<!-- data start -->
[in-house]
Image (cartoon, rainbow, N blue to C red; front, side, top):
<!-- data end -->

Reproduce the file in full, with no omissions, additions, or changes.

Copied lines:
[in-house]
Image (cartoon, rainbow, N blue to C red; front, side, top):